MELBOURNE: Newmont Corp has gained partial access to the corporate books of Australian rival Newcrest Mining Ltd, according to sources, a sign that the US company can make a revised offer to seal what would be the world’s largest gold takeover.
Newmont is undertaking limited due diligence on Newcrest weeks after management of the Melbourne-based miner dismissed a US$17bil (RM75.4bil) proposal from the world’s top bullion producer, according to the sources.
Newcrest rebuffed Newmont’s all-stock offer in mid-February, with management saying the company is “worth a lot more” than what the Denver-based suitors proposed. But investors see few options for Newcrest, with no obvious alternative buyers to challenge Newmont.
Barrick Gold Corp, the world’s No. 2 bullion producer, has said it doesn’t plan to make a rival offer and Agnico Eagle Mines Ltd, the third-largest gold miner, is busy wrapping up its second big gold takeover in 13 months.
Shares of Newmont rose 0.2% to US$46.71 (RM207.28) in New York.
Newmont’s push to buy Newcrest comes as gold miners face the prospect of stagnating production, harder-to-mine deposits and rising input costs.
Such industry challenges are seen as a catalyst for more mergers and acquisitions, as companies seek to get larger to boost production and increase efficiencies through economies of scale.
At least one top investor has warned Newmont chief executive officer (CEO) Tom Palmer not to overpay, according to a source.
Finding a price tag that satisfies both sides could stretch negotiations over weeks, if not months, Douglas Groh, a senior portfolio manager at Sprott Asset Management USA, said in an interview.
“I think a deal is inevitable, but I wouldn’t be surprised for Newcrest if they’re still dealing with this in August,” said Groh, whose firm holds Newmont shares.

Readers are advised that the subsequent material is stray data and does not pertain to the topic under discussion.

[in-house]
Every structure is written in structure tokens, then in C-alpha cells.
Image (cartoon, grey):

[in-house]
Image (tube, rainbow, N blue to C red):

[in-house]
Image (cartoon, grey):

Adding to Newcrest’s challenges is the abrupt departure of its CEO in December.
“It’s obvious to the market there’s no leadership” at Newcrest, Groh said.
“The board would’ve had to come out with a plan to show how they’re going to create value. And I don’t know if that’s forthcoming.”Newcrest has pushed back against comments on leadership weakness.
“As far as the executive team goes, it’s very much business as usual,” a spokesman said, adding the team has the “strategic, financial, commercial, operational, project delivery and innovation capability to produce results and are doing just that”.
Newcrest investors certainly hope the Australian company can convince its suitor that it’s worth more than the initial proposal.
Newcrest operates five gold mines across three continents and generates around a quarter of its revenue from copper.
Newmont, in turn, is facing a decade-long gold rut and has said it wants more of the energy-transition metal in its portfolio.
“I think Newmont’s a very good company, but I think Newcrest is a very good company, too,” said Simon Mawhinney, chief investment officer at Allan Gray, Newcrest’s second-largest shareholder.
“And I just think Newmont needs to pay more, or more of their shares, for each Newcrest share in order to get this over the line.” Newmont didn’t respond to email and phone requests seeking comment. — Bloomberg